GFRC is a lightweight, durable composite of cement reinforced with glass fibers. It can be hand- or machine-cast into strong, thin and lightweight panels using cast molds with shapes and sizes limited by the either the properties of the mix or the fabricator's tools. And it can be produced in a variety of colors, textures and finishes. Powder pigments may be used within GFRC mixes to achieve specific color effects. Paints and sealers can also be applied to GFRC for either increased protection against moisture or for a wider range of color choices. Typically applied as a rainscreen system, GFRC panels are most often mounted by brackets to a building's sealed envelope or structure, protecting it from the elements while allowing for drainage and evaporation. GFRC is often considered as an alternative to ceramic or concrete panels.
Gugger’s team detailed the GFRC to offer a rich texture that lends visual and technical intricacy to the Medisuisse Headquarters envelope. “There was a corrugated look that we found at a nearby historic building, and which we used to develop a pattern,” says Schmidt. The surrounding buildings feature ground floor facades that differ visually from the upper levels, and Gugger thought that this hierarchy should be maintained by giving the cladding at street level a smooth appearance and an alternate gray color. From the first floor upwards the ornamental fluted pattern in green is used.
The studio worked with a consultant from Switzerland to design the GFRC molds, which were then produced by Austrian fabricator CRE Panel following the building tender. Two GFRC molds were employed. The first is designed to wrap the columns; it is a full story in height and features a wide corrugated curve to achieve a more solid look. The mold was designed long to meet the panel requirements of the taller rooftop level. These panels were produced first and then the mold was cut down to make shorter panels for the typical levels and thus reduce waste.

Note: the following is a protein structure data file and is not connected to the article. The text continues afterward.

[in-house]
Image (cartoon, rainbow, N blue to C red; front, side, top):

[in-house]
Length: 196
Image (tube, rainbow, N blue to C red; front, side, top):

A second horizontal module was designed for the panels installed above and below windows. These create horizontal bands and feature a drip edge to protect the facade from running water. The corrugated pattern on these panels is denser. The design yields a building hierarchy that renders the vertical panels primary and the horizontal bands secondary. At the windowless stair and elevator cores, the facade is clad entirely in GFRC.
According to Schmidt, deeper molds such as those used to create panels cladding the columns are more problematic and costly. “We had to adapt,” he says. Where an external sun shade system is installed above the windows, an additional cladding element is hung to avoid the need for deep GFRC panels that extend to the glass. The corner panels elements are also produced in two pieces. “It didn't work using only one panel so we had to make a joint at the edge,” says Schmidt.
Designing for prefabrication
“When everything is prefabricated you have to go through a very precise planning process, because once the pieces are delivered, you can’t make any changes,” says Schmidt. “In the end this helped us to avoid mistakes.”
The GFRC panels were transported to the site and hung on the facade using cranes and fixations screwed onto the rear of the panels. Gugger wanted to express the fact that the cladding is prefabricated. The 1.5 centimeter gaps between panels that are needed for tolerances such as building movement, are uniform and highlighted as visible lines that organize the facade visually. There was a conscious decision to leave these open rather than filling them with silicon. The result is a cladding that functions as a breathable rainscreen, allowing for air to pass behind the panels for ventilation within the facade.
“What’s nice about designing an elemental thing is that, if you do it properly, you have a lot of peace afterwards,” says Schmidt. “Because even if you want to make changes, you can't. It makes the whole process easier in some ways because you can relax once the design has been done. But you have to be quite disciplined and focused to do it correctly.”